Jim Logan

Jim Logan

Montgomery County’s Iconic Sports Reporter

Reporter: Eddie “Bud” Barnett

Jim was born February 23, 1921 in Clarinda IA on Logan St. He lost his mother at the age of 2 and eventually his father James, remarried Grace Morgan, daughter of Tom Morgan. He attended Clarinda Schools through the 4th grade. When the stock market crashed and times started getting really tough, Jim’s father lost his job and subsequently moved his family to the Wales Community north and west of Red Oak. They lived 1 mile north and 3/4 mi east of Wales.

Since Clarinda’s schools were ahead of Wales in certain areas, Jim was moved forward to the 5th grade, while his brother Jack also was advanced to a higher grade. (Jim also had a sister – her name was JoAnn.) Some of Jim’s classmates while at Wales were Berl Morris, Max Bauer, Alfred Anderson, Clyde Sellers, Walter Shamblen, and Curtis Steiner. After just one year at Wales, the Logan family moved to Red Oak and Jim would finish his secondary education at Red Oak, and graduating in 1938.

A great deal of Jim’s high school athletic years involved “work”. Times were tough for a lot of the local area folks and in many cases, high school kids had to work to help support the family. In Jim’s case, he spent at least two or three nights a week setting pins at the local duck pin alley. For those that may wonder, the bowling alley was no more than 2 or 3 lanes and was on the northeast corner of 5th and Reed, which is currently the home of “Pit Stop Bar and Grill”. There was bowling (probably) every night…like what else would there have been to do in these tough times. At any rate, Jim would start after school and generally would not get home before midnight. He did work out the schedule to accommodate basketball and baseball during the particular season. The night was always very short because Jim would have to get up before 5 a.m. in order to deliver newspapers. Starting from home at 604 E Elm, Jim would go to the train station, which would have pitched off a bundle of newspapers as the train passed the station (never stopping). His first stop would be at the bottom of the hill on 2nd Street at the Evans House, which was a hotel for many train passengers that were coming and going on the train. Eventually he would cover the entire city, either on his bicycle or with his sled – depending on the season. He delivered over 140 Omaha World Herald newspapers and had the entire town to cover. This was an everyday task of newspaper delivery and was in some way a link to Jim’s future in the newspaper business.

During his high school years, Jim played a lot of basketball and baseball. Jim’s first sports love was(still is) football, but having had a broken neck in the 3rd grade, he could never pass the physical for football. Basketball was Jim’s high school sport of choice and fit in with his love of sports. In the case of baseball, this was a period of time when nearly every town of any size not only had “town team” baseball for the mature athletes, but they also had American Legion, which included “Junior Legion” Baseball for the high school and slightly above group. (This could be considered the “select” teams of the day). This was a great time for baseball and Jim would have a much grander experience in the sport later during his military career. During his American Legion Junior baseball, teams were made up of the better baseball athletes in the area and in the case of Red Oak, there may have only been a few boys that made this team. The rest came from surrounding neighboring communities, such as Don Beeson from Coburg, Mervin Laire from Stennett and Don Bryson from Grant. Another local Red Oak boy that played a lot of Legion ball was “Rip” Fisher.

Jim had a friend living in Fort Smith AR, so following high school, Jim rationalized that this would be a good opportunity to “explore the world” (figuratively speaking) and get some higher education and find out things beyond the local community that had been Jim’s entire focus for the first 18 plus years. He enrolled in the University of Arkansas in Fayetteville Arkansas and very soon DID find out a lot about some portion of the “rest of the world”. The period was in the late 30s and for those that may have lived during that time, particularly in the Deep South, you might recognize some of the experiences that Jim confronted. In this period of time and in that part of the country, there was still a prevailing “Civil War” attitude. Of course many are aware of the discrimination of the time with “White Only” restaurants, bathrooms, and more. He saw segregation first hand that few kids from Iowa would know or understand unless they did see it for themselves…he saw it for himself. For those that do know Jim, it may go without saying that this attitude did not match with Jim’s values and spirit. One year was all that was needed in Arkansas before Jim decided that maybe he could get that journalism higher education in Iowa. He enrolled at the University of Iowa the next fall to major in Journalism.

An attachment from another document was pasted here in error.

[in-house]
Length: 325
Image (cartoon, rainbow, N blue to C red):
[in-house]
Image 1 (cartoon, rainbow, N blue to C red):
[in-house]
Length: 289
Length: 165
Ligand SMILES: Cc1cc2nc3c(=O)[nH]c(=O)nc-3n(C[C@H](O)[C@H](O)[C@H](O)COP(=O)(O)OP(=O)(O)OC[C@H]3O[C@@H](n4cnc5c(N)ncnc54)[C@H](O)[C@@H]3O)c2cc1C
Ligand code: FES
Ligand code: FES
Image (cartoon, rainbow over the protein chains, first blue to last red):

This move to his “state roots” proved to be a valuable time because with his love of sports, he got the opportunity to cover sports for the “Daily Iowan”. The Daily Iowan was a daily student newspaper that every student received as part of their tuition fees. This would also be a huge step towards Jim’s ultimate goal of being in the newspaper business.

During his late high school days, Jim had joined Company M and during his college period, he was enrolled in the ROTC program. In March of 1942 Jim married Ruth Miller and by August of 1942, he was in the Army. Company M had mobilized for federal service and since Jim had been in the ROTC program, he was discharged from the National Guard and joined the Army. One little problem was detected while he was taking the physical for officer training that kept Jim from joining the North African tour as an officer …his eyes! With this physical limitation, Jim would be stationed at various places in the states, including Fort Crook in Omaha (later known as Offutt Air Base), as well as bases in California, Washington and Missouri. In April 1945 he was shipped to the Philippines to Base X, which was the Pacific Headquarters, as a Message Center Sargent – 316th General Hospital. During this period in the war, many correspondents were either getting killed or ending their tours. Discovering Jim’s journalism training and education led to his being transferred into the public relations company as a correspondent covering everything from houses of “ill repute” to opera. But his love of sports further directed him to his real desire to reporting on sports.

Most of what the public (then and now) know of WWII was “war”, and yet one of the major activities of the troops involved sports – how else would you expect to maintain a high spirit and moral among young men? Nearly every company had their own sports team, depending on the season.